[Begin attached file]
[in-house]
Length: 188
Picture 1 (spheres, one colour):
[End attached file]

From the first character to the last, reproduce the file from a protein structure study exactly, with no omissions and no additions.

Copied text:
[in-house]
Length: 188
Picture 1 (spheres, one colour):